Now is the perfect time to start thinking about summer shade-providing deciduous trees
Winter is the time to think about shade trees. This isn’t because we need the shade in the winter months but because it’s the time when many deciduous trees — that is, trees that lose their leaves in winter — become available for sale.
Deciduous trees are grown to a good size in the ground, dug out during winter and transported around the country. The gardener benefits from being able to purchase an advanced tree at a reasonable price. Also, deciduous trees that are transplanted in winter will have the best chances of surviving the move. The main difficulty comes in deciding which tree to grow.
Here are some favourites:
•Floribunda crabapple (Malus floribunda) is possibly the best crabapple variety for warmer areas. It flowers in early to mid spring, with deep-pink buds opening to pale-pink petals. This gives a lovely, multi-coloured effect that is a spring delight. The tree is the perfect size for a small garden.
•Crabapple ioensis (Malus ioensis ‘Plena’) flowers later, with exquisite double blooms that look a bit like small rosebuds. Unfortunately, in warmer areas these are sometimes spoilt by spring heat waves.
•Japanese maples (Acer palmatum) grow into small-headed trees that are ideal for gardens where space is at a premium. They are highly prized for their vivid autumnal foliage in shades of red, orange or yellow.
•Ornamental pears (Pyrus calleryana) have glossy leaves that turn brilliant shades in the autumn. They also feature clouds of white spring blossom. Newer cultivars such as Bradford have upright growth so they make great statement trees.
•Golden ash (Fraxinus excelsior ‘Aurea’) is a larger, drought-hardy shade tree. Its leaves deepen to a rich, golden colour in autumn. It is slow-growing but produces a lovely umbrella-shaped canopy.
Some trees come with their roots wrapped in plastic packaging. Others may have been potted. Because this will have been done quite recently, the mix can be very loose and may fall away from the roots when the plant is removed.
Dig a hole that’s about twice the required width and mix in some compost and organic, natural fertiliser or plant food (like Dynamic Lifter). Add some water-storing granules, because they’ll supply extra moisture during dry periods.
Remove loose material and spread the roots out in the planting hole. Backfill with improved soil and then water well to consolidate the soil around the roots. Apply some soil wetter — either the dry or the liquid variety — over the planting area. This will encourage maximum water entry into the root region. In early spring, spread a layer of organic mulch over the root area so it stays cool and moist through the warmer months.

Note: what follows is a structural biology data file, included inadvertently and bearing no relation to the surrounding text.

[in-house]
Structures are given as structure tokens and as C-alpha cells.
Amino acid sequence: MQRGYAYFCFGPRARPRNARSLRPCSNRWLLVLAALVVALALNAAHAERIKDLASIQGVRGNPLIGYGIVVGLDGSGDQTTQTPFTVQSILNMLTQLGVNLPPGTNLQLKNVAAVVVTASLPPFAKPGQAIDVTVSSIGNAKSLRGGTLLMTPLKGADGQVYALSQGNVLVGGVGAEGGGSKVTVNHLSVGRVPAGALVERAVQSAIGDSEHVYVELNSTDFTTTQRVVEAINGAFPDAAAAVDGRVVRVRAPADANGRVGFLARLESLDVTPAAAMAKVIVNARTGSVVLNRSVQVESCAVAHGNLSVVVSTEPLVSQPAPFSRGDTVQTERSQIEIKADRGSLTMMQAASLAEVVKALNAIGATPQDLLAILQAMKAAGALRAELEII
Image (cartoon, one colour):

Pest and disease problems are usually minimal but most deciduous trees will benefit from a copper or lime sulphur spray after the leaves have fallen. (You could try Yates Fungus Fighter, a copper hydroxide formulation that dissolves readily, making it much easier to get complete coverage.)
Check trees for borers in winter. These pests are often easier to spot when trees are bare of leaves. Clear away borer holes and squirt in some pyrethrum spray.
As for winter pruning, once deciduous trees have lost their leaves they can be pruned. Don’t prune, however, unless it will provide some benefit for the tree or for yourself. But don’t prune spring bloomers or you’ll prevent them from flowering. These should be pruned straight after flowering.
• Does the tree have a dense canopy and enough clearance beneath for people to walk or stand?
• Will it produce spiky branches or branches that will drop? What about falling fruit or seed pods?
• Is it fast or slow-growing? If it will take a while to grow, you may need to use an alternative form of shade in the interim.
• Will the shade tree cast shade where you need it?
• Is the root system invasive? Will it disturb the foundations of your house or destabilise paving?
• If it is to be placed close to the house, do you have gutterguards?
• Do you want to use your deciduous trees to help heat and cool the house naturally? If so, the trees should be sited to the east, northeast, north and northwest of the house.
• Do you want a tree that produces pretty blooms like the flowering cherry plum (Prunus x blireana), vivid autumn foliage like the Chinese tallow tree (Sapium sebiferum) or interesting bark like the silver birch (Betula pendula)?